It was difficult for my mother to find a job with her Russian background and strong dialect. At some point my father started his own used car dealership, which, to everyone's relief, went so well in the 1990s that Mama was able to take over the bookkeeping as a self-appointed office clerk. After work and at the weekend they drove to our allotment garden, where they grew the vegetables themselves and looked after the rabbits, which had to be looked after and later slaughtered. There was so much to do that they regularly stayed overnight in the garden with little Jessica, and I was the oldest in the apartment, taking care of the house and looking after Sabsi. In the summer we sisters would pick grass for the rabbits and help pick vegetables in the garden. We always worked.

Time for meals together was therefore rare. When we went to school, my parents often lay in bed exhausted. Sabsi and I dressed alone, almost identical clothes every morning, because my mother liked to buy everything twice. Whether she just found it practical or actually cute was hard to say. I myself was not very enthusiastic about the twin look; Sabsi, as a little sister, on the other hand, thought our appearances were cool.
At lunchtime, I would occasionally prepare meals for my parents. I made a good bean soup I thought. However, when mom and dad came in from the used car dealership, they discreetly pushed the plate aside after a few spoons. I understood the bean soup wasn't as good as I thought it would be. But I was also offended, after all, I was only eleven years old and had gone to a lot of trouble for the soup. My parents called me into the small bathroom that evening, where they went to smoke, and complained about this waste of time. The apartment should have been vacuumed and the laundry ironed and all I was doing was taking care of the beans! I got what they meant, but I found my parents - at least back then - a little ungrateful.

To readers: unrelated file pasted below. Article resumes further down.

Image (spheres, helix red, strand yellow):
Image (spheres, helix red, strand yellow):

Sabsi and I didn't get any pocket money. I pondered forever about what I would buy if I had money like the others in my class. These Diddl mice - Diddl bags, Diddl paper and Diddl erasers - were in vogue back then. During the long break everyone sat together and exchanged their Diddl treasures, and I didn't have the smallest Diddl pin. Nor did it look like anything could ever change about this state of affairs. That's what I found worst: that I was stuck and couldn't do anything about the unjust distribution. So I decided to help myself.
There was a small shop for school supplies and stationery in Sömmerda, and I wanted to steal two Diddl pads from there. That was the big goal of my longing: two writing pads with mice on them. I thought that if I had the blocks and if no one wanted to swap them with me, then at least I could use them in class.